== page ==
Published 19 April 2017
Medicines that can be purchased
It is estimated that the Vale of York spends approximately £½million on medications that can be purchased from either Community Pharmacies or from supermarkets without the need for a prescription from your doctor.
Our Policy on Medicines that can be purchased outlines the circumstances in which it may be more appropriate for a patient to seek advice from a Community Pharmacist and buy their medicines without the need for a prescription.
Brand medicine prescribing
The names of medicines can often be confusing as the same medicine can sometimes be called different things. Many medicines have two names:
|The brand name||This is given to a medicine by the pharmaceutical company it is developed by.||
For example, atorvastatin is the generic name of a medicine used to treat high cholesterol.
However, the company that makes atorvastatin, Pfizer, sells it under the brand name Lipitor®.
|The generic name||Named for the active ingredient of the medicine, which is decided by an expert committee.|
Both medicines have the same clinical effect, but each separate manufacturer can give it a different name. It is similar to buying branded goods or a supermarket's own label – both products do the same job, but the supermarket's own version is usually more cost-effective.
Unnecessary prescribing of branded medicines can cost the NHS up to 26 times the cost of the equivalent generic products. Some examples include:
|Branded item||Generic item|
|Commonly prescribed medications for high cholesterol||Lipitor® costs £24.64||Atorvastatin 20mg tablets £1.09|
|Commonly prescribed medication to treat indigestion||Losec® costs £13.92||Omeprazole costs 91p|
|Commonly prescribed medication to treat migraines||Imigran® costs £31.85||Sumatriptan 100mg costs £1.22|
|Commonly prescribed antiplatelet drug to prevent blood clots||Plavix® costs £35.31||Clopidogrel 75mg costs £1.54|
It is estimated that Vale of York spends £150,000 on unnecessary brand name prescribing, medications that patients request to be prescribed as brand name but have no clinical reason for requesting a branded medicine.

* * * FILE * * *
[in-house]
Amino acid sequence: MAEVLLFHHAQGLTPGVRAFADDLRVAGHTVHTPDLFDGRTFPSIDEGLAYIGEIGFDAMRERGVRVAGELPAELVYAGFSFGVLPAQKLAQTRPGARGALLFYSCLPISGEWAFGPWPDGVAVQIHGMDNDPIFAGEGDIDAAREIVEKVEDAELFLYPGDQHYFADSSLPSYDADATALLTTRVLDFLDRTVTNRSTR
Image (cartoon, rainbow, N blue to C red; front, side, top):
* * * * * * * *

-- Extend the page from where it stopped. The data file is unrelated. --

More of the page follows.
There are circumstances when it is clinically necessary to prescribe by brand name, and these are outlined in the policy. The policy also outlines when it is and is not appropriate to prescribe a medicine by a brand name and explains the process that prescribers should follow when a patient wants a branded product with no clinical need for a branded product.
Branded generic medicine prescribing
The names of medicines can often be confusing, as the same medicine can sometimes be called different things. Many medicines have two names:
Brand name – this is given to a medicine by the pharmaceutical company it is developed by.
Generic name – named for the active ingredient of the medicine, which is decided by an expert committee.
There are also branded-generic medicines.
A branded generic
|The brand name given to a drug that is bioequivalent to the innovator (original) brand, but once the original brand has come ‘off patent’ it is marketed under another company brand name, not the generic name.|
Up to £1 million could be saved if branded-generics were used appropriately. This policy outlines when it is appropriate for a prescriber to prescribe a medication as a branded-generic product.Certain medicines should be prescribed by a branded name. These are outlined in the Branded medicine prescribing policy. Using certain branded-generic medications represents significant cost-savings for the Vale of York.